Price shock for subsidised (APM) gas users

Vol 13, PW 22 (22 Apr 10) Midstream & Downstream

There’s bad news in store for companies that draw more subsidised gas than permitted.

From now on they’ll have to pay the ‘free market’ price for all gas drawn over and above the amount they have been sanctioned by the government. Worse, these payments will be backdated from July 1, 2005 - in what promises to be a logistical accounting nightmare for both customers and GAIL, the principle conduit for gas produced by ONGC and Oil India and sold at heavily subsidised rates under the discredited Administered Pricing Regime, which should have been abolished long ago, but is still in place, distorting the market.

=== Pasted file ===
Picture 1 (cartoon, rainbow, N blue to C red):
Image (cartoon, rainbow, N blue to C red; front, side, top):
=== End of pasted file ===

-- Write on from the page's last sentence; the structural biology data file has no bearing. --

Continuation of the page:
PETROWATCH learns the new government directive was conveyed to ONGC, GAIL and Oil India managing directors by oil ministry director (gas and power) Manu Srivastava on February 29. In his letter, Srivastava stresses his directive is nothing new; that he is only enforcing an earlier government directive issued five years ago.

“It is clearly mentioned in the (June 20, 2005) pricing order,” says Srivastava, “that APM gas must be supplied against existing allocations. Hence it is obvious that the supply of APM gas at APM rates is limited to the extent of the APM allocation made by the former Gas Linkage Committee (GLC).

” Srivastava instructs GAIL to “immediately switch to charging non-APM prices for supplies beyond the APM allocation” and to work out and collect all past dues for excess gas from its customers. More, he slams customers that routinely draw excess APM gas.

“It is not a satisfactory arrangement,” writes Srivastava, “if a customer is supplied more (APM) gas than his allocation on a sustained and continuous basis.” From now on, says Srivastava, GAIL must obtain government permission before increasing APM gas supplies to customers.